- A man stands near campaign posters of Muhammadu Buhari, Nigeria’s president and candidate of the ruling All Progressives Congress party (bottom left) and Atiku Abubakar, candidate of the main opposition People’s Democratic Party (top left) in Lagos Nigeria on Feb. 16, 2019.
Muhammadu Buhari will have little time to celebrate his resounding victory in Nigeria’s presidential election before facing the multitude of problems dogging Africa’s biggest oil producer.
The court challenge to last weekend’s election promised by his main rival, Atiku Abubakar, is the least of his worries. Add to that a listless economy, Islamist State attacks wreaking havoc in the northeast and an explosive cocktail of worsening poverty and rapid population growth.
The 76-year-old former general came to power in 2015 on a wave of optimism after becoming Nigeria’s first opposition leader to win at the ballot box, with promises of fighting endemic corruption and ending the economy’s addiction to oil. So far, progress has been slow.
“President Buhari can expect an even briefer honeymoon than he did in 2015,” said Matthew Page, a former State Department specialist on Nigeria, who’s based in Cambridge, England. “Unless Buhari experiences an epiphany and adopts a more dynamic, reform-minded, and business-friendly strategy, we can expect Nigeria’s socioeconomic situation to stagnate during his second term.”
In his first four years, Buhari was a strong proponent of a statist economy. He called on the central bank not to let the naira weaken and made it clear he disagreed with the pledges of his multimillionaire rival, Abubakar, to privatize inefficient and loss-making oil refineries and the Nigerian National Petroleum Corporation.
His administration’s drive to clean up business practices brought him into conflict with some foreign companies. South Africa’s MTN Group Ltd. is fighting claims that it owes $2 billion of backdated taxes, which have dragged its shares down. And the government is suing firms including JP Morgan Chase and Royal Dutch Shell in Europe for what it says was a corrupt oil deal in 2011. All companies deny the allegations.
OPEC’s sixth-biggest producer is still struggling to recover from a 2014 crash in oil prices, although they have risen 22 percent since 2018 around $65 a barrel.
Other reasons for optimism include the first shipments this month from the massive Egina offshore oil field, which will boost Nigeria’s production 10 percent to around 2.2 million barrels a day. And billionaire Aliko Dangote says he’ll complete an oil refinery near Lagos, the commercial capital, in the next two years that could drastically cut the nation’s import bill for fuel.
“Nigeria offers vast opportunities, and a lot of low hanging fruit,” said Mathias Althof, a money manager in Stockholm at Tundra Fonder, which is bullish on banking stocks. “People have quite low expectations of Buhari since the first four years lacked major reforms. Hopefully, he has saved them for the coming four years.”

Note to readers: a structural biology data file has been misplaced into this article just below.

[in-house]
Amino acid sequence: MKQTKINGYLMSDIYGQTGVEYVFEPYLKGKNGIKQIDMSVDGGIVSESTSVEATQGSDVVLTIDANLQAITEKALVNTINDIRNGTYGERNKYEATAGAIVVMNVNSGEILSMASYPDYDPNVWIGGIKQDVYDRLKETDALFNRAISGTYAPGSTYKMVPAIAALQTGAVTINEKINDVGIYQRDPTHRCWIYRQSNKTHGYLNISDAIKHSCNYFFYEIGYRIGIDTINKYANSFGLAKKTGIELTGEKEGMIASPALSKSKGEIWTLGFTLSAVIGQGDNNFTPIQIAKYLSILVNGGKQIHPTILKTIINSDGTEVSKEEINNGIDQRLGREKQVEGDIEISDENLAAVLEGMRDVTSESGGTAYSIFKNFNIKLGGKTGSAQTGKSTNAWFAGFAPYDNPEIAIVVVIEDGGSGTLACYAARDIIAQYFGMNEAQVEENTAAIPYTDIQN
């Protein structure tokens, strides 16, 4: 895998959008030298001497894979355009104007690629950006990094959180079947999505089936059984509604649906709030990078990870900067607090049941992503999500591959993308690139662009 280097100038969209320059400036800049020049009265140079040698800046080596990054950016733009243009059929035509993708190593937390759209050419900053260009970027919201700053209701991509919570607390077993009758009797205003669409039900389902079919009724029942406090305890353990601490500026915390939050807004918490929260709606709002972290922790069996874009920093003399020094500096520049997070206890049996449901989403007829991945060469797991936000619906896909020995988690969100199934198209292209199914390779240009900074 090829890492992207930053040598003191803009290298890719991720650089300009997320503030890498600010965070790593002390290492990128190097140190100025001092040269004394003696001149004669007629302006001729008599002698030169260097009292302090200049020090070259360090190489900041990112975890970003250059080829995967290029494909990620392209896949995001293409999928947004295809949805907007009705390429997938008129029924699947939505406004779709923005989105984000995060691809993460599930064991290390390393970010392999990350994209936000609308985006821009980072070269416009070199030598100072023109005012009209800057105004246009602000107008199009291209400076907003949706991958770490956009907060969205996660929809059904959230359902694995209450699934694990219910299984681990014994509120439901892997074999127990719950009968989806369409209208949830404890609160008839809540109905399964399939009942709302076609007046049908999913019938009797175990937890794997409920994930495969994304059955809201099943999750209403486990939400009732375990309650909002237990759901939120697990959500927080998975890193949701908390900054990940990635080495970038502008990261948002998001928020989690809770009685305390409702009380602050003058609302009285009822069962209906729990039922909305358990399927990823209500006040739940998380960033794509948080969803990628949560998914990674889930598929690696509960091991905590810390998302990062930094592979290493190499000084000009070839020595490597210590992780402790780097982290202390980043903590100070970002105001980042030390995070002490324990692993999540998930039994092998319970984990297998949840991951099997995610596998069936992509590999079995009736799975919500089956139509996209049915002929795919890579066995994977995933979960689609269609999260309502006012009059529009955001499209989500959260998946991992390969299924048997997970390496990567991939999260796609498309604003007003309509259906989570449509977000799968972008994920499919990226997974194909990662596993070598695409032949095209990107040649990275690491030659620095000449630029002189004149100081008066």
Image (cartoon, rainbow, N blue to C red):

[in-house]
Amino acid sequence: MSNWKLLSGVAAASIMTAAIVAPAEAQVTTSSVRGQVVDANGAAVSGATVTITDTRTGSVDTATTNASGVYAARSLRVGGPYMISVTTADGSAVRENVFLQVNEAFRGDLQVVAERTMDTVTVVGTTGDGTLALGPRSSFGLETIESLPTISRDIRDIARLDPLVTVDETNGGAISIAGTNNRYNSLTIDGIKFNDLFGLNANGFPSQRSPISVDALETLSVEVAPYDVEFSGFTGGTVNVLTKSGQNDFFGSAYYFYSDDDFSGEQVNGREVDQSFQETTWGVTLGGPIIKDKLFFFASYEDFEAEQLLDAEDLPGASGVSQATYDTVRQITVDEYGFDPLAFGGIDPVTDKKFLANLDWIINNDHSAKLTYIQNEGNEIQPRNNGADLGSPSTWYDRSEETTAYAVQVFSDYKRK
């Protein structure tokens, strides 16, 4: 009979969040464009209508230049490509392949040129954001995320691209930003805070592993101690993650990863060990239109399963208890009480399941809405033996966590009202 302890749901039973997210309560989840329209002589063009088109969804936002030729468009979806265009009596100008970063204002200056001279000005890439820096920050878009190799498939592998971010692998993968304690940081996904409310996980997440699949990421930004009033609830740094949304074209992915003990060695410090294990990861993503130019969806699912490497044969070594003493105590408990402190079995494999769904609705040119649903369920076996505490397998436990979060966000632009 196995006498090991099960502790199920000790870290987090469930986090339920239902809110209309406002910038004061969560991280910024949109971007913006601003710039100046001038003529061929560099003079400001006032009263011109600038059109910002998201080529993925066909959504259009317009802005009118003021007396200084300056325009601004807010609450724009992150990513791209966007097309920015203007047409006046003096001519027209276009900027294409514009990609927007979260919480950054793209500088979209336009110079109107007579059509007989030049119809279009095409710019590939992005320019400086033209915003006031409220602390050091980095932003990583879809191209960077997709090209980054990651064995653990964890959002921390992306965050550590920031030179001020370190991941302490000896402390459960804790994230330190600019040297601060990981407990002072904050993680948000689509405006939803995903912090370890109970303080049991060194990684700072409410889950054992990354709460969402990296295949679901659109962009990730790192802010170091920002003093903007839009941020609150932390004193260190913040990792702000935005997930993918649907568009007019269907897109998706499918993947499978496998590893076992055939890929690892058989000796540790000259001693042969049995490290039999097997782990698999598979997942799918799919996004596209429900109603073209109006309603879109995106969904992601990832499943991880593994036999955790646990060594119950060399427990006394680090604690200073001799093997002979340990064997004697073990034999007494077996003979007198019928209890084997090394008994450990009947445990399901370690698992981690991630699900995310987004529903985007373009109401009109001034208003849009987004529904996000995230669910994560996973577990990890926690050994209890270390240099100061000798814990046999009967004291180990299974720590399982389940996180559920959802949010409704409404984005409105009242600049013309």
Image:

Economic growth accelerated to 1.9 percent last year, the fastest since Buhari took office, but still far below the average of 7.4 percent in first 15 years of this century.
Huge difficulties remain. Unemployment has soared to 23 percent and rising debts are curbing the government’s ability to spend money on infrastructure. Interest payments are projected by the International Monetary Fund to soak up more than 80 percent of the federal government’s revenue by 2022.
The stock market has dropped 3 percent since Monday, as it became clear Buhari would win.
“Nigeria’s credit challenges remain and include a low-growth environment, very high exposure to fluctuations in oil prices, weak institutions, and high levels of corruption,” Aurelien Mali, an analyst at Moody’s Investors Service, which rates the country five steps below investment grade, said Tuesday.
Security problems have also proliferated. While Buhari succeeded in eroding territorial gains made by Boko Haram militants in the northeast, since December they and a breakaway group affiliated to Islamic State have ramped up attacks in the state of Borno.
Separate clashes between farmers and herders over grazing land led to around 2,000 deaths last year, mainly in central parts of the country, according to Amnesty International, while a spate of kidnapping and raids has displaced thousands of people in the northwestern state of Zamfara.
During his first term, Buhari could point to the failures Abubakar’s People’s Democratic Party, which ruled Nigeria for 16 years after the return of civilian rule in 1999 and did little to improve security and infrastructure, while corruption was widespread.
After four years in power, “he will not have the bogeyman of the last administration to blame,” said Tunde Leye, an analyst at Lagos-based SBM Intelligence.
The president must also deal with the fallout from the election, which although more peaceful than some votes in the past, saw at least 39 people lose their lives. While the U.K. said “the Nigerian people can have confidence in the result” despite the vote’s shortcomings, the opposition claimed Buhari’s 56 percent to 41 percent margin of victory was the result of massive rigging.
“It’s one of the most disputed elections in Nigeria’s history and has further widened divisions,” said Idayat Hassan, director at the Centre for Democracy and Development in Abuja, the capital.
Government officials say the bitterness will fade.
“Somehow, when it comes to the point of all hell breaking loose,” Petroleum Minister Emmanuel Kachikwu said in an interview Thursday, “Nigerians calm down.”